Functional Response ........................................................................................... 75
Optim al Foraging ................................................................................................ 77
Prey Size A ffected by Predation Technique ....................................................... 82
Im pact of Arena on Predator-Prey Interactions ........................................................... 84
Behavioral Effects ............................................................................................... 87
M echanistic Effects ............................................................................................. 90
Changes in density ....................................................................................... 90
Changes in form ........................................................................................... 96
Sum m ary .................................................................................................................... 102

5 PREDATION ON A COMPLEX SURFACE ........................................................... 105
Predicting the Obvious ............................................................................................... 113
Introduction ....................................................................................................... 113
M aterials and M ethods ...................................................................................... 115
Results ............................................................................................................... 117
D iscussion ......................................................................................................... 119
Predator Size in a Com plex Environm ent .................................................................. 120
Introduction ....................................................................................................... 120
M aterials and M ethods ...................................................................................... 121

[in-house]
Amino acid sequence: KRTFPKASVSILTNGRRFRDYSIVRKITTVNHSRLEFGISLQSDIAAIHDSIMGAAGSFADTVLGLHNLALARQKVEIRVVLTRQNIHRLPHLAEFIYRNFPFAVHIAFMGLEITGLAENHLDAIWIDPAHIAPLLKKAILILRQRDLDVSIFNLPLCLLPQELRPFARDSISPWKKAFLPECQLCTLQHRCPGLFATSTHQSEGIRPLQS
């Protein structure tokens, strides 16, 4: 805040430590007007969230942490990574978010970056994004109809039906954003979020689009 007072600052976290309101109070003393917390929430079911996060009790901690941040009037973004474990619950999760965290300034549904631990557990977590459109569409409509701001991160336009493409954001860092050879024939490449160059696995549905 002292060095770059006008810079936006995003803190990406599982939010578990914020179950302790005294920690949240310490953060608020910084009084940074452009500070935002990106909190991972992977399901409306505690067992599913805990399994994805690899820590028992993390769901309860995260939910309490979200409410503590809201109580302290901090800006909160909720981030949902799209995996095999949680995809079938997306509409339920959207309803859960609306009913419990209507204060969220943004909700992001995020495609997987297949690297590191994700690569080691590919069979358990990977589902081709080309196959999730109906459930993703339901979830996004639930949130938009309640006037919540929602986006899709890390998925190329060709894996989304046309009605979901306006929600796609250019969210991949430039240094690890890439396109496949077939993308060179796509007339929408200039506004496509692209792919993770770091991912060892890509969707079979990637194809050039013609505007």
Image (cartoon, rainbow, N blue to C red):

Results ............................................................................................................... 122
D iscussion ......................................................................................................... 125
Prey Size in a Com plex Environm ent ........................................................................ 135
Introduction ....................................................................................................... 135
M aterials and M ethods ...................................................................................... 136
Results ............................................................................................................... 137
D iscussion ......................................................................................................... 141
Conclusions ................................................................................................................ 151

6 REVIEW: PREDATION AND COMMUNITY ........................................................ 155
H ow Do You M easure Com m unity Shape? .............................................................. 156
Richness and Diversity ..................................................................................... 157
Size V ersus Frequency ...................................................................................... 159
Clum ps .............................................................................................................. 165
Predator Effect on Com m unity Shape ....................................................................... 169
D irect Effects .................................................................................................... 170